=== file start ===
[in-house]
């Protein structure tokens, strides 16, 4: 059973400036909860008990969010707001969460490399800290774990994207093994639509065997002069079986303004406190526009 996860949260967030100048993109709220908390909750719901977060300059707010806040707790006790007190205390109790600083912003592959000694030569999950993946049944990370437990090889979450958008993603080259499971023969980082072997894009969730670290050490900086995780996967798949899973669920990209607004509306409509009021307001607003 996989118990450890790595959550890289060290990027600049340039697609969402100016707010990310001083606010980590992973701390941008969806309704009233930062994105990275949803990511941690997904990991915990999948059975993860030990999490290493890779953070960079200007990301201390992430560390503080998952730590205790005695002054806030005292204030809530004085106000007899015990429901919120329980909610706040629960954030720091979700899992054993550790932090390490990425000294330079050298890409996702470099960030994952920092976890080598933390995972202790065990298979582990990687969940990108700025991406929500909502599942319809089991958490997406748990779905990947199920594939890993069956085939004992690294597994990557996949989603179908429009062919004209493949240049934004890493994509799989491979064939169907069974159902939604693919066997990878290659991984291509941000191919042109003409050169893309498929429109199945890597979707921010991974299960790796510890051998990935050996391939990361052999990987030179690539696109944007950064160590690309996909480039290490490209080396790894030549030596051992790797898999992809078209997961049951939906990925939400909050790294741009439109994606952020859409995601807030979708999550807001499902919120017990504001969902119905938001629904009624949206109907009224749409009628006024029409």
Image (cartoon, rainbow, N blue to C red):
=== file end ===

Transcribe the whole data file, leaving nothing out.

[in-house]
């Protein structure tokens, strides 16, 4: 059973400036909860008990969010707001969460490399800290774990994207093994639509065997002069079986303004406190526009 996860949260967030100048993109709220908390909750719901977060300059707010806040707790006790007190205390109790600083912003592959000694030569999950993946049944990370437990090889979450958008993603080259499971023969980082072997894009969730670290050490900086995780996967798949899973669920990209607004509306409509009021307001607003 996989118990450890790595959550890289060290990027600049340039697609969402100016707010990310001083606010980590992973701390941008969806309704009233930062994105990275949803990511941690997904990991915990999948059975993860030990999490290493890779953070960079200007990301201390992430560390503080998952730590205790005695002054806030005292204030809530004085106000007899015990429901919120329980909610706040629960954030720091979700899992054993550790932090390490990425000294330079050298890409996702470099960030994952920092976890080598933390995972202790065990298979582990990687969940990108700025991406929500909502599942319809089991958490997406748990779905990947199920594939890993069956085939004992690294597994990557996949989603179908429009062919004209493949240049934004890493994509799989491979064939169907069974159902939604693919066997990878290659991984291509941000191919042109003409050169893309498929429109199945890597979707921010991974299960790796510890051998990935050996391939990361052999990987030179690539696109944007950064160590690309996909480039290490490209080396790894030549030596051992790797898999992809078209997961049951939906990925939400909050790294741009439109994606952020859409995601807030979708999550807001499902919120017990504001969902119905938001629904009624949206109907009224749409009628006024029409």
Image (cartoon, rainbow, N blue to C red):